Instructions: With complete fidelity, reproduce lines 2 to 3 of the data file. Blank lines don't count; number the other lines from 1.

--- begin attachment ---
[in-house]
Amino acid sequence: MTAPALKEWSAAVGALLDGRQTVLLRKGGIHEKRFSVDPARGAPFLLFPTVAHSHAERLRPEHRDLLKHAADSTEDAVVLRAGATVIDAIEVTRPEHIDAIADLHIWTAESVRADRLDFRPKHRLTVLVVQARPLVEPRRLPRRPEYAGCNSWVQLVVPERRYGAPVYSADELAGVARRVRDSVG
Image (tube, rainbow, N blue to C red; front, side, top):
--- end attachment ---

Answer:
Amino acid sequence: MTAPALKEWSAAVGALLDGRQTVLLRKGGIHEKRFSVDPARGAPFLLFPTVAHSHAERLRPEHRDLLKHAADSTEDAVVLRAGATVIDAIEVTRPEHIDAIADLHIWTAESVRADRLDFRPKHRLTVLVVQARPLVEPRRLPRRPEYAGCNSWVQLVVPERRYGAPVYSADELAGVARRVRDSVG
Image (tube, rainbow, N blue to C red; front, side, top):